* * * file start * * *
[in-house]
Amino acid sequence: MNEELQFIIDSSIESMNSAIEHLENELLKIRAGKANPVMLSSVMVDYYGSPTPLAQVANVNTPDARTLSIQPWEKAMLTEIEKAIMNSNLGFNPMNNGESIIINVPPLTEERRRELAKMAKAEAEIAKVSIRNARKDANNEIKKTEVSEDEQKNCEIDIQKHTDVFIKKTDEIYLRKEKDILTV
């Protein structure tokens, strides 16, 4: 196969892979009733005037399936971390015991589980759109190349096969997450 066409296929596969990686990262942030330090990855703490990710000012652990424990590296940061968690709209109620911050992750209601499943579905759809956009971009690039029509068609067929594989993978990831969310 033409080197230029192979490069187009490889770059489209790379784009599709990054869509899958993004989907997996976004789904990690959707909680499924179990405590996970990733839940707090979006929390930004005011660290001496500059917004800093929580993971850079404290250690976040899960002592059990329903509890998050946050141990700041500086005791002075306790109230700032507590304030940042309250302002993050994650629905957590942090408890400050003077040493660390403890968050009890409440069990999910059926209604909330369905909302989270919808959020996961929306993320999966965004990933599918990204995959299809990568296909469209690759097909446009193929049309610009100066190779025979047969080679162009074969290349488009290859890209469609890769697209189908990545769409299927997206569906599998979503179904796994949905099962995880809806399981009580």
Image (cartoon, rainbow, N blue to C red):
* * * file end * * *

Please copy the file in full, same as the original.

[in-house]
Amino acid sequence: MNEELQFIIDSSIESMNSAIEHLENELLKIRAGKANPVMLSSVMVDYYGSPTPLAQVANVNTPDARTLSIQPWEKAMLTEIEKAIMNSNLGFNPMNNGESIIINVPPLTEERRRELAKMAKAEAEIAKVSIRNARKDANNEIKKTEVSEDEQKNCEIDIQKHTDVFIKKTDEIYLRKEKDILTV
């Protein structure tokens, strides 16, 4: 196969892979009733005037399936971390015991589980759109190349096969997450 066409296929596969990686990262942030330090990855703490990710000012652990424990590296940061968690709209109620911050992750209601499943579905759809956009971009690039029509068609067929594989993978990831969310 033409080197230029192979490069187009490889770059489209790379784009599709990054869509899958993004989907997996976004789904990690959707909680499924179990405590996970990733839940707090979006929390930004005011660290001496500059917004800093929580993971850079404290250690976040899960002592059990329903509890998050946050141990700041500086005791002075306790109230700032507590304030940042309250302002993050994650629905957590942090408890400050003077040493660390403890968050009890409440069990999910059926209604909330369905909302989270919808959020996961929306993320999966965004990933599918990204995959299809990568296909469209690759097909446009193929049309610009100066190779025979047969080679162009074969290349488009290859890209469609890769697209189908990545769409299927997206569906599998979503179904796994949905099962995880809806399981009580």
Image (cartoon, rainbow, N blue to C red):